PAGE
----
Academy of Motion Picture Arts and Sciences

Academy Museum Executive With Chicago Roots Looks to Celebrate Inclusivity in Cinema

NBC Universal, Inc.

The brand new Academy Museum of Motion Pictures in Los Angeles has a Chicagoan among it’s executive ranks, and she says she is proud of her roots in the city.

Jacqueline Stewart is a University of Chicago Film Professor, and serves as the director of the university's Washington Park Arts Incubator on Garfield Boulevard. 

Right now, she has an incredible opportunity in Hollywood, as she’s on sabbatical while working in Los Angeles at the new museum furnished by the group that holds the Oscars each year.

“It’s been remarkable to work with a team of people to open a brand new museum.  A once in a lifetime opportunity,” she says.  

Stewart is currently serving as the Academy Museums’ Chief Artistic and Programming Officer.

“For me, it’s all about how to take all the training that I did as a film scholar and expand it to a much larger audience," she says.

One of the reasons Stewart took the position was the museum's commitment to inclusive storytelling, and that includes shining a light on the way Hollywood has treated minorities throughout history.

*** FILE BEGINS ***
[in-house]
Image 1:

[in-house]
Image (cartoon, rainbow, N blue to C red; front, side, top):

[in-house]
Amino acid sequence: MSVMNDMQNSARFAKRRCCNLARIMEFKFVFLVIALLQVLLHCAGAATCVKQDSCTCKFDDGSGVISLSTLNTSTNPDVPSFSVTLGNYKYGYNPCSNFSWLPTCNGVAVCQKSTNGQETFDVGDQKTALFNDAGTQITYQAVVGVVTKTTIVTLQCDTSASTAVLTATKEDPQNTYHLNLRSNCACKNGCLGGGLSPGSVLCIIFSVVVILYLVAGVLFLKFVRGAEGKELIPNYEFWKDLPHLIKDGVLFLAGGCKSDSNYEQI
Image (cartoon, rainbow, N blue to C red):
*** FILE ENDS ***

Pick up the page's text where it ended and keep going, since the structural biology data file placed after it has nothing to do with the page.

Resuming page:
In the Historic Oscars Gallery, the statuette for actress Hattie McDaniel, the first Black Oscar winner, is missing.

“It’s a reminder of the way black performers or performers of color have been treated in Hollywood for generations," Stewart says. "We think it’s a place to ask people to reflect on how it is that people of color have been treated much more generally on screen and off screen.”

Six years ago, the "Oscars so White" campaign rocked Hollywood, and the industry is still trying to change the culture, and as a result of those types of movements, Stewart sees a brighter future of inclusivity.

“Having more and more platforms for making films and sharing films, I think the industry is already changing on a business and technical side," she says. "I really think those changes can be advantageous for people who are coming from the margins."

Stewart says the key is having a seat at the table when stories are being conceptualized, referring to it as "power sharing."

“What needs to happen is that we need to have more people of color, more women and more people with disabilities in positions of power and authority to have the capacity to make decisions about what projects get funded," she says.

Now, Stewart herself has a seat at the table at the largest institution in the country committed to celebrating, and supporting, filmmaking.

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